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Security: Updates, Mitigations, Myths, DNS/IPFire and Huawei

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Security
  • Security updates for Wednesday

    Security updates have been issued by CentOS (spice-gtk), Debian (libemail-address-list-perl), openSUSE (chromium, libqt5-qtbase, nginx, systemd, and wicked), Oracle (spice-gtk), Slackware (firefox and thunderbird), and Ubuntu (libexif and Yubico PIV Tool).

  • Mitigations are attack surface, too

    This blog post discusses a bug leading to memory corruption in Samsung's Android kernel (specifically the kernel of the Galaxy A50, A505FN - I haven't looked at Samsung's kernels for other devices). I will describe the bug and how I wrote a (very unreliable) exploit for it. I will also describe how a second vulnerability, which had long been fixed in the upstream kernel, the upstream stable releases, and the Android common kernel, but not in Samsung's kernel, aided in its exploitation.

    If you want to look at the corresponding source code yourself, you can download Samsung's kernel sources for the A505FN from here. The versions seem to be sorted such that the newer ones are at the top of the list; A505FNXXS3ASK9 is the newest one at the time of writing, corresponding to the November 2019 security patch level.

  • What to know about open source security

    Many companies have a preference towards open source technology, so what should be kept in mind in regards to ensuring its security?

  • Enhancements to our DNS Resolver

    Today, we have taken some important changes on our DNS Resolver into production. Having released support for DNS-over-TLS in 2018, we have now added TCP Fast Open and TLSv1.3.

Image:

Lightning Wire Labs is managing a DNS Resolver to provide an alternative to the large corporation who are trying to get the global DNS system under their control and use it for marketing purposes.

    To not fall behind the technical development, we have now enabled some new features on our resolver to make it ready for the new DNS changes that are going to land with IPFire 2.25 - Core Update 141 very soon.

  • U.S. Officials Say Huawei Can Covertly Access Telecom Networks

    Huawei can covertly access mobile networks through back doors meant for law enforcement, the U.S. has told allies in a bid to show that the firm poses a security threat. 

    U.S. officials say Huawei Technologies Co. can covertly access mobile-phone networks around the world through “back doors” designed for use by law enforcement, as Washington tries to persuade allies to exclude the Chinese company from their networks.

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